Looking to Get the Team Back in the Office This Year?
You’re not alone. Some of the largest companies across the country are beginning to set target dates for when employees will be welcomed back into offices. Many companies were looking to resume normal operations in late Q4, but a staggering resurgence of the coronavirus in Q4 forced many to push those dates to summer 2021. And while cases are on the downswing at the time of writing, Ohio remains at a high point for new and overall cases since the pandemic first arose last year. Even if your target date to return to the office is months away, it’s essential to consider your return-to-work cleaning strategy.
It’s important to understand that return-to-work cleaning must be of greater and more thorough scope than any existing commercial cleaning service you might already have in place. Many offices remain closed throughout Northeast Ohio, and while some have specific operations or teams that must be on-site, bringing the full workforce back when you want to reopen will require a more in-depth approach that addresses every surface and piece of equipment, considers the activities performed in various spaces, and looks ahead to ensure reliable supplies and support are in place.
Let’s take a look at three return-to-work cleaning recommendations that should be considered as you look to welcome employees, customers, vendors, and other partners back to your Northeast Ohio locations.
3 Return-to-Work Cleaning Considerations
Building Your Plan to Keep People Safe
Most office cleaning programs prior to the pandemic were aesthetic, meaning surfaces were physically wiped to clean them and remove visible soils. Additional steps are now needed to ensure more thorough cleaning and disinfection using a technical approach. For example, disinfection should now occur after cleaning has been completed to kill pathogens on surfaces and objects. Cleaning should not happen after disinfection as the disinfectant could be removed from the surface being cleaned. Disinfectants approved for use in killing the coronavirus must be allowed adequate time to remain on the surface.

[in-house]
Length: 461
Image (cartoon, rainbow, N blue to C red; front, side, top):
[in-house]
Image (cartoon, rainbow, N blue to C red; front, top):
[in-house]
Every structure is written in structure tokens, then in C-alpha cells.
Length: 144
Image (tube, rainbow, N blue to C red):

To make this process efficient and effective for your facilities, you should first develop a proper cleaning and disinfection plan. According to the CDC, your return-to-work cleaning plan should focus on:
- Determining what needs to be cleaned first
- Determining how areas will be disinfected
- Considering the resources and equipment needed
Once the plan has been established, it should be put into action right away — before opening your facilities — with steps taken to maintain consistent cleaning and disinfection. Based on the availability of the Environmental Protection Agency (EPA)-registered disinfectants and personal protective equipment (PPE), you may need to make periodic revisions. What matters most here is that these changes be communicated to employees, customers, and of course, the company you contract with for commercial cleaning in Northeast Ohio.
The Jani-King of Cleveland Difference: Our team follows a rigorous process to first assess the risk of contamination based on several scoring criteria, then develops a return-to-work cleaning and disinfection plan based on the results. On the disinfection end, we concentrate on virtually every surface in your facility, including doorknobs, light switches, elevators, bathroom fixtures, handrails, workstations, chairs, conference rooms, telephones, and even electronic equipment like keywords and mice.
Take Return-to-Work Cleaning a Step Further with Preventive Measures